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Organizational Behavior, 12th Edition by James G. Hunt, Mary Uhl-Bien, Richard N. Osborn, John R. Schermerhorn, Jr.

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Whole Foods: Teaming Up for Success

Only two things unite the more than 300 Whole Foods Market locations: coordinated teamwork and the inflexible rule that all food sold must be free from artificial additives, sweeteners, colorings, and preservatives.a The rest is up to the individual stores. This balance between dogma and freedom permits stores to make decisions based on the input from their local teams instead of solely taking orders from corporate honchos. At Whole Foods, department members work as a team. Teams within stores operate as a team. Parallel departments in regional stores team up. And all stores within each of Whole Foods' 12 regions work as a team.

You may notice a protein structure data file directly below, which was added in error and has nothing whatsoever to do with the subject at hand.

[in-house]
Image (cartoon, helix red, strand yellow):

While Whole Foods does have a core management team, led by founder John Mackey and co-president Walter Robb, the regions operate largely free from corporate interference. Every store becomes local, and individual departments have license to develop personalities. Each market is free to act like a neighborhood store that just happens to be part of a huge franchise.

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“Culture is our secret weapon.” –Walter Robb, co-president of Whole Foods.e

John Moore, former National Marketing Director of Whole Foods, identifies a “Libertarian” theme of management running through the company. “[Whole Foods] operates under the belief stores should have the freedom to meet the needs of its unique customers and team members.”b

Each district, ...

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